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Growing bananas in the cold

Recreating ice-age conditions allows tropical fruit to grow in record time

Setsuzo Tanaka of D&T Farm spent 40 years developing a breading technique called "the freeze-thaw awakening method."

OKAYAMA, Japan Anyone claiming they can grow tropical fruit in a cold climate, and in a fraction of the time it would normally take, would more than likely get told they were ... well, bananas.

But a new breeding method that enables the fruit to grow rapidly in cool temperatures may one day turn Japan into a banana exporter, and potentially see staple crops grown in some of the world's most inhospitable climates.

Despite being some of the biggest banana-munchers in the world, the Japanese rely on imports for over 99% of its banana consumption. Every year, close to 1 million tons of the fruit are shipped over from the Philippines and other tropical countries.

But now, an agriculture company in western Japan has successfully managed to grow bananas through a technique called the "freeze-thaw awakening method."

At D&T Farm's experimental site, bananas grow almost large enough for harvest inside a simple plastic greenhouse.

"It usually takes two years for bananas to grow large enough, but here, they're ready in four months" said Setsuzo Tanaka, D&T Farm's officer in charge of technical research.

The method artificially re-creates the Earth's climate of 20,000 years ago by freezing banana saplings to minus 60 degrees. Once thawed, the saplings are planted.

Back then, plants would wake from a long hibernation as temperatures slowly and gradually rose following the end of the ice age. In the aftermath, maximum daytime temperatures were only 12 to 13 C and during the night, the mercury dropped below zero. Under such cold temperatures, banana plants came out of hibernation and flourished, meaning they could originally grow at very low temperatures.

The path was not a straightforward one, said Tanaka. Over four decades, he suffered one setback after another in his experiments, while at the same time, managing two businesses.

Tanaka said he had invested a total of 500 million yen ($4.3 million) of his own money to fund the research. With the cold-temperature harvesting system now in place, his efforts appear to have come to fruition.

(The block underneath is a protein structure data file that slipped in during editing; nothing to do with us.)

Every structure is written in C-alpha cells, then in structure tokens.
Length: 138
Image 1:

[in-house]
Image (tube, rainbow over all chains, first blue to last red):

An added bonus is that the method does not involve pesticides or genetic modification.

Japan's banana imports began in the early 1900s, when the fruit was brought over from Taiwan. They increased after World War II, but the supply of Taiwanese bananas halted in the 1960s.

Crops of the Gros Michel variety imported at the time were wiped out by the Panama disease, a wilt caused by a fungus.

Recently, the Cavendish banana has taken its place. But their yield could fall with a new strain of Panama emerging.

Tanaka's successful farming method uses a variety based on the Gros Michel, and is sweeter and richer in texture than those widely eaten today.

In 2017, Osaka-based chemical company Air Water is expected to start banana cultivation using Tanaka's saplings.

The city of Minamikyushu, in southern Japan, will make a similar move through a local cooperative.

OVERSEAS INTEREST Tanaka said U.S. agriculture multinational Dole Food has sounded him out about a potential future joint venture, but the project is also moving forward as a business in its own right. Although D&T Farm was established only a year or so ago, a local bank has offered to provide financing on an unsecured, unguaranteed basis.

Tanaka has also successfully grown and harvested papaya, cacao, mangosteen and cashew nuts using the method.

If banana cultivation spreads, the quick harvest could see the industry grow enormously.

"If bananas were cultivated on 30% of the fallow fields across Japan, that would grow the market to 600 billion yen and create 200,000 jobs," said a representative of a company offering support to agricultural cooperatives.

Lettuce was not initially grown in Japan, but most of what reaches its salad bowls today is produced domestically, and bananas could be next.

Tanaka's dream is to develop improved varieties of wheat, soybeans, and corn through freeze-thaw awakening for cultivation in Siberia.

"Siberia has an abundance of water and fertile soil," he said.

"If these crops could be harvested in such a cold climate, the entire global food shortage could be resolved all at once."

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